November 15, 2008
Picton, New Zealand

After wasting two days playing passive aggressive phone tag with the Stray Tour Bus corporate office, I was finally able to cancel the rest of the trip and get a bit of money back. A tour bus is not how I want to travel; where's the adventure in that? There seems to be three main options to experience New Zealand 1) Hop-on-hop-off bus tour 2) Buy a car and sell it to another traveler before you leave 3) Hitchhike. 

Buying a car isn't really in my budget, so option number three it is! I was really nervous to be so vulnerable; I would never stick my thumb out in the US, but even the ferry driver was supportive of my decision. After docking in Picton he gave me a thumbs up as I started walking down the one road leading South.

November 17, 2008
Westport, New Zealand

The world is so very, very small. 

I was having a lot of trouble finding a lengthy ride after hiking the Abel Tasman Coastal Track. Thankfully the weather was perfect, so I wasn't upset about walking for a while with my thumb out, dragging my rucksack behind me. A few cars passed without giving me a second glance; another pulled up asking where I was headed. It was immediately obvious they had no real intention of helping me out; maybe they thought better of the idea when they realized I could tell they were high – "Karamea isn't in the same direction" they told me and sped off.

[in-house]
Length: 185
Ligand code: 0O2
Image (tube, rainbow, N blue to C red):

There's one road. 

Becoming more frustrated, I stopped walking to stand facing traffic so drivers would have to look me in the eye when passing the only other living soul within miles. This tactic seemed to work. The next car carrying three early 20-somethings from Ireland swerved onto the shoulder and helped load my bag into their trunk.

We talked about our homes, our individual reasons for leaving for destinations so far from what we knew, where we were headed and where we had been. As I'm spilling a bit of information about myself one girl abruptly turns around and asks me if I run marathons.

How did you know that?

We didn't realize until this moment that out paths had crossed briefly in Guayaquil, Ecuador. A group of 20 people all staying in the same small hostel went out for a pasta supper to help a Canadian woman and myself carbo-load for the next day's marathon. They were all there to cheer us on. It's mind blowing, really, of all the countries and the cities and the roads and the moments, that our paths could merge, again. It's difficult to wrap your mind around it, the butterfly effect. If they had stopped for gas earlier or the men in the car previously hadn't smoked that blunt...

November 18, 2008
Greymouth, New Zealand

Nature continues to surprise me in this country. Every body of water, be it a lake, ocean, or river is a different unbelievable shade of blue. So clear. So free of trash and pollution. We took a tour today to see the glow worm caves. After wedging ourselves into wetsuits we entered a cave and floating under ground in the lazy river in the dark. The ceiling, covered with glow worms sending signals to catch dinner, resembled a night sky filled with green stars. It was so relaxing with the echo of the water bouncing around the stalagmites and stalactites; I could've laid there all day.